Keeping Sin in Perspective

This post by Matt Moore was timely in the wake of Kim Burrell’s statements earlier this week. Matt shares his thoughts on feeling that homosexuality was somehow different than any other sin, and how that mindset can undermine the potential for growth in one’s relationship to Jesus:


This Is Why We Can’t Have Nice Things


The title of this post is a bit misleading – it actually should read more along the lines of “This is why we cannot have meaningful relationships and conversations.”

Earlier this week, singer Kim Burrell in a video, predicted that homosexuality and those “who play with it in God’s house will die in 2017.” She also spoke about “the perverted homosexual spirit” in her sermon. (She has since stated that her comments were taken out of the context of her message, and that she holds no hatred for gays or lesbians.) The comments made in her original video came to the attention of Ellen DeGeneres, who cancelled Kim Burrell’s upcoming scheduled appearance on her show.

And I don’t blame her (DeGeneres) for taking that step.

Once again, someone who is a follower of Christ was found to take homosexuality out of the greater context of Scripture and twist it into a something unrecognizable. Predicting the death of anyone in this or any other year is beyond the pay grade of any disciple of Jesus.

I believe that there are several reasons behind this type of thinking:

  1. Bad teaching.
  2. Resentment
  3. A Lack of Discussion Regarding Sexuality in the Church

Let’s take a closer look at these…

1. Bad Teaching

At this point in the history of the church, there really is no excuse for this. There are more resources available than there have ever been. (You can find a list of some of them under the “Resources” tab of this blog.) For Kim Burrell to have said these things, it seems that she has spent little time in understanding how homosexuality is addressed in Scripture, and how God works in the lives of those who have experienced same-sex attractions, or any other sin for that matter.

Singer and songwriter Keith Green once said, “This generation of Christians is responsible for this generation of souls on the earth!” We have a responsibility to learn about the issues our culture is concerned with today in order to reach the souls of those around us with the Gospel.

2. Resentment

Sometimes it seems as though Christians speak out recklessly in regards to homosexuality in particular because of a resentment of the wider cultural acceptance of those who identify as gay or lesbian. It is as if lashing out with words you would never hear applied to any other sin is done in a terribly misguided effort to take back ground in some way.

As I’ve mentioned elsewhere on this blog, I’m thankful that people are able to be more open about their same-sex attractions in our culture – I don’t want to go back to where we were. It is good for people to be able to walk down the street without being afraid of getting beat up. It’s good for people to be able to go about their days at work or running errands on eating meals with friends without harassment. It was not a good thing to treat homosexuality as a cultural taboo.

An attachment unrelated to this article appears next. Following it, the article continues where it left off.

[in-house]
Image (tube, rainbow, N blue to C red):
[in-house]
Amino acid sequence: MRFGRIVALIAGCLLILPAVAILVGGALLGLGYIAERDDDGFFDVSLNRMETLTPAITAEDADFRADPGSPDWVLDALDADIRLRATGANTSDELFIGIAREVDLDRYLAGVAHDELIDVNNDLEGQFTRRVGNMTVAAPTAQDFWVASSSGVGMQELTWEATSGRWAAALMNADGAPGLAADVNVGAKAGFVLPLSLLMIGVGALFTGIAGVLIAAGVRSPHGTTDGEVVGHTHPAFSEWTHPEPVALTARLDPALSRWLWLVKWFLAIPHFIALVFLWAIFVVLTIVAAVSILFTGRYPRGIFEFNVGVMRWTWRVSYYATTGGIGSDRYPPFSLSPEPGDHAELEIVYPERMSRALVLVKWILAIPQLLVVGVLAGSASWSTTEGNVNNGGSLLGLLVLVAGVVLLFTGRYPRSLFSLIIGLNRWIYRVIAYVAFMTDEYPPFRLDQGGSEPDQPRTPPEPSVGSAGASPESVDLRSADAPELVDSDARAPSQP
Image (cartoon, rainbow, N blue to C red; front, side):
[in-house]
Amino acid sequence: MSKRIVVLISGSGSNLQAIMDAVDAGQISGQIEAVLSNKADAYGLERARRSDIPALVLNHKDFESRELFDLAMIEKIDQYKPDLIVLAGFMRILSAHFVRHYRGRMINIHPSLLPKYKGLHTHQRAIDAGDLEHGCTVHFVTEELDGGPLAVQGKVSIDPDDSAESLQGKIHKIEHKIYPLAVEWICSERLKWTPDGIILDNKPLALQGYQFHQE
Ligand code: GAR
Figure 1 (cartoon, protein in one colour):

Christians always walk in two worlds – we live here on earth as citizens of another Kingdom. It makes no sense to waste time railing against our status as expatriates. This world is not our home, and we have the privilege of showing those around us what it is like to live a life of freedom and love in Christ. When others see His love in us, they will want to join in the call to know and glorify God.

3. A Lack of Discussion Regarding Sexuality in the Church

“Be wise in the way you act toward outsiders; make the most of every opportunity. Let your conversation be always full of grace, seasoned with salt, so that you may know how to answer everyone.” Colossians 4:5-6

Kim Burrell lost her opportunity to meet Ellen DeGeneres, to appear on her show, and to have any kind of conversation or build any kind of relationship with her because she chose to pick out homosexuality as a sin deserving some kind of special punishment from God. Her theology was wrong, and it will take some time and effort to ever have that kind of opportunity come her way again (if ever.)

Without discussions about sexuality – whether about homosexuality or heterosexuality – within the church, room is created for bad teaching and resentment to build, instead of wisdom and contentment in Christ. Too often people are afraid to bring up the subject in a Sunday School class or Bible study, and their conversations end up being seasoned with flamethrowers instead of salt.

Salt is known to be one of the basic human tastes. (The others are sweet, bitter, sour and savory.) According to Wikipedia:

“As taste senses both harmful and beneficial things, all basic tastes are classified as either aversive or appetitive, depending upon the effect the things they sense have on our bodies. Sweetness helps to identify energy-rich foods, while bitterness serves as a warning sign of poisons.

According to Lindemann, both salt and sour taste mechanisms detect, in different ways, the presence of sodium chloride (salt) in the mouth, however, acids are also detected and perceived as sour.